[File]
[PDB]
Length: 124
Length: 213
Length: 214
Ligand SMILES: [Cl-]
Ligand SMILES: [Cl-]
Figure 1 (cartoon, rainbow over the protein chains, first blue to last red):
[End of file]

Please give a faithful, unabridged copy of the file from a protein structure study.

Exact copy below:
[PDB]
Length: 124
Length: 213
Length: 214
Ligand SMILES: [Cl-]
Ligand SMILES: [Cl-]
Figure 1 (cartoon, rainbow over the protein chains, first blue to last red):